He had a light table, and might have used it to read the negatives, or maybe the window. He doesn’t remember. Within three hours, he had transmitted about a dozen images to his editors in midtown. The shooter headed out from his basement apartment, took more pictures, came back with digital images he transmitted.

By the end of the day, at sunset, the two of them returned to the bridge together — the sunset, with all the smoke and city lights — would make a good picture. “We joined a cast of thousands.” In silence. “People were whispering, so quietly you could hear helicopters overhead, landing in Manhattan on the docks.” A few had hand-held radios.

The two of them walked home to their individual apartments. Stores and restaurants were closed. Pieces of singed paper — “like a snowstorm” — floated through the air, office memos carried across the East River from the towers. They blanketed the grass of his backyard, their company letterheads still legible.

I called him many times that day. I didn’t have a cellphone and he had no number to reach me. But the phones didn’t work and I could not reach him. I knew he was supposed to be near the Towers at 9:00 that morning and had no idea if he was alive, injured or dead. Fellow journalists, with me in Maryland, were kind: “Your boyfriend is missing? Are you OK?” I wasn’t, but had to be. By 4:00 p.m. I finally got through.

I drove north three days after 9/11, knowing the exact spot on I-95 where I would be able to see the city’s southern tip, terrified. At 65 mph on a crowded expressway, I cried so hard I could barely see. It was like seeing someone you love punched black and blue.

A Paris agency wanted a story, right away, on DNA testing of bodies and body parts. The country, the city, was still focused on finding survivors, when these editors, overeas already knew there were likely to be none. Editors in London, Paris and New Zealand, who bought three different versions of my story were ahead of the game. They knew, and wanted details.

I knew no one in authority near New York or D.C. would make the time to speak to me. How could I report the world’s biggest story, one that every reporter in the world was working on at the same time?

What was the most analogous story to this one, a story none of us could even grasp emotionally, even as we were living it? A San Francisco earthquake and the Oklahoma bombing. I interviewed scientists and crime scene experts in San Francisco (using the three-hour lag between CA and NY to my advantage) and in Toronto, my hometown, where I had great sources and a decent reputation even 20 years after leaving.

I researched and wrote 2,500 words between 9:00 a.m. and midnight — 6:00 a.m. Paris time. My editors there needed the copy asap to offer to their clients. Versions of my piece ran in the London Sunday Telegraph, the French weekly VSD and the New Zealand Herald.

I found and interviewed a corrections officer doing volunteer work at the site for Glamour asking what she’d seen. I still have those notes.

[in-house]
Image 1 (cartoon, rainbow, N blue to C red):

Then I made the mistake of calling an acquaintance to tell her, needing to offload the horror. She is not a journalist and called me back, weeping, hysterical, raging. “Why did you tell me this?” We have barely spoken since.  I finished the interview and cried for 30 minutes, shaking with the intimate, hideous details of what had happened there, details I still have never read elsewhere.

There are things that journalists hear and see and know — as photographers and their editors do as well — that are beyond nightmares. You, the reader/viewer, are spared. These are things that sear and stain our souls.

Today, if you pray for the victims and their families, please remember with gratitude the very real bravery of the men and women, the journalists and photographers and video cameramen who covered this terrible story.

We, too, were witnesses.

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But I Deserve It!

In behavior, business, culture, design, Media, Money, work on September 10, 2010 at 11:47 am
TN Fernando Trophy Royal Thomian Regatta Overa...
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It’s that time of year again — applying to the two writing grants I keep hoping to win, one worth $10,000, the other either $17,000 or $35,000. They are given to writers of non-fiction and journalism and, with the recession driving 24,000 print writers out of work in the past few years, the line-up is getting longer and longer and longer.

The first grant is given to only 15 percent of applicants. Nice odds!

It’ll be my fourth time reaching for that specific brass ring and, because there is someone official at the organization to discuss it, I called her to ask how, if at all, I could increase my chances.

“You don’t deserve it just because you’ve applied four times!” she huffed.

“The work has to be excellent. It has to be art!

So the question arises.